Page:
Low-Back Chair from the Argyle Street Tea Room
Charles Rennie Mackintosh (1868–1928, Scottish)
white oak wood and cloth upholstery
38 3/8 x 19 x 17 1/4 inches
In 1898 and 1899 Miss Kate Cranston enlarged and redecorated her first tearooms at 114 Argyle Street. The interiors were gutted and redone with architectural work by Hugh and David Barclay, decorations and fitted furniture by George Walton and new moveable furniture and some light fittings by Charles Rennie Mackintosh. Mackintosh was commissioned to create at least 10 different chairs and numerous tables and light fittings for Argyle Street, his first large commission where he had complete creative and financial freedom. These designs were the basis for most of Mackintosh’s creations over the next three years. This chair embodies the Glasgow School aesthetic, with strong rectangular and linear forms in the double-bars on the chair legs and in the slats on the back of the chair, as well as softer, more organic shapes seen in the curve of the back of the chair and the arch underneath the seat. The chair is at once robust and delicate, masculine and feminine, perfect for the Scottish tea room, a space where Scottish men and women socialized both together and separately at the turn of the 20th century.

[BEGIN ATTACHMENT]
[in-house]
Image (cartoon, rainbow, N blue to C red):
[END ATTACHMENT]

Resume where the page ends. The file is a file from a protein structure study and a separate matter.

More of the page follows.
Not currently on view
Collection Kirkland Museum of Fine & Decorative Art